Hotli Simanjuntak, The Jakarta Post, Banda Aceh
With his sturdy build and skin darkened by hours toiling under the sun, Muda Balia looks more like a farmer than a storyteller. Muda, 29, who comes from Senebok Alur Buloh village in South Aceh, did work as a farmer for a while after returning to his village to take care of his sick mother.
"My skin became dark because it was too frequently exposed to sunshine when I was farming back home," he said.
When Muda met with The Jakarta Post, he had just arrived in Banda Aceh after traveling from his village by van.
"I've been invited to perform my traditional Acehnese storytelling show in Kalimantan," he said.
With only a few hundred thousand rupiah on him, Muda left his village, his beloved mother and his wife, who was 5 months pregnant, to take his show on the road.
But despite the invitation to perform in Kalimantan, Muda says there is little demand for his storytelling skills.
"Today, traditional storytelling is no longer popular, as modern society is filled with technology and entertainment," Muda told the Post.
"In the past, communities used the art of storytelling as the most effective medium of communication to convey something, ranging from a religious message to just entertainment."
Even during colonial times, he added, the Dutch could not quell the rebellion by the Acehnese, who were inspired by the story of Perang Sabi as told by the Acehnese storytellers.
During the time of the military operation in Aceh between 1989 and 1998, which was carried out by the Indonesian government to quash the Free Aceh Movement, elders in the region would secretly recount to local youths the story of Perang Sabi to arouse their courage so that they would be ready to die fighting.
The art of storytelling is an integral part of everyday life -- religious, social and cultural -- for the Acehnese.
The Acehnese have their own rich oral tradition, and have several names for the art of storytelling, including peugahaba, meuhaba, pohaba, pakaba, poh cakra, poh tŠm and cang panah.
The art of storytelling in Aceh has had its ups and downs over the years. Muda said the art lost its popularity in Aceh after the political turbulence of 1965, when members of the Indonesian Communist Party were massacred.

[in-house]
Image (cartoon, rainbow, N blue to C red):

"At that time, the rulers saw the potential danger brought about by the art of storytelling in Aceh, so the government kidnapped all storytellers and killed them," he said.
As a result, storytelling, particularly the traditional style, virtually disappeared as few storytellers remained to pass on the skill.
"Now there are perhaps no more than 10 storytellers in Aceh, most of them elderly," Muda said.
As one of Aceh's few remaining traditional storytellers, Muda is very concerned about the preservation and development of this art.
"If the government does not immediately take action, the young generation in Aceh will never know that Aceh used to have excellent literary artists," he said.
"If the oral tradition is lost, it is the Aceh people themselves that will miss out."
At present, there is not a single written literary work that has recorded the tales that traditional storytellers narrate. Generally, these tales are learned by heart.
"If the storyteller dies, these stories will also die and be buried with them."
Muda said his greatest wish was to preserve Acehnese traditional stories by producing a book of all the stories he knows by heart.
However, he said, financial difficulties meant he had to concentrate on being a farmer first to support his family.
"It will take a lot of time and money to be able to write down all the stories that I know by heart," he said.
"I have opted to feed my family first. If our economic situation improves, hopefully before I die, I can realize this dream."
Muda said he was inspired by the Acehnese traditional storyteller Matlapee, who was thought to have had a mental disorder and was said to be mad.
Matlapee was rumored to have slept for seven days and nights and upon waking told his mother a spirit had come to him and told him long-forgotten stories.
Matlapee later passed on these stories to four of his disciples: Zulkifli, Siaron, Dawod Baneng and Tgk Adnan.
Acehnese traditional storytelling developed rapidly in the western and southern coastal areas. Tgk Adnan spread the art of storytelling along the eastern coastal area on his travels selling medicine.
"Tgk. Adnan used this art of storytelling as a medium of communication with his buyers," Muda said.
These four disciples of Matlapee have since died -- and many of the stories they told have died with them.
Muda was one of Zulkifli's students.
Traditional props, such as a sword, bangsi (flute), pillow and a mat, are used to tell a story.
"It all depends on the story being told," Muda said.
"I cling to the principle of the traditional art of story telling, whereas other remaining storytellers have opted for more contemporary and contextual forms of storytelling in keeping with the times."